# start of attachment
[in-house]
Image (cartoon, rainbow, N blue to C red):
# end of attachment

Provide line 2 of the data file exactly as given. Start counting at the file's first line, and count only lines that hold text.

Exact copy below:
Image (cartoon, rainbow, N blue to C red):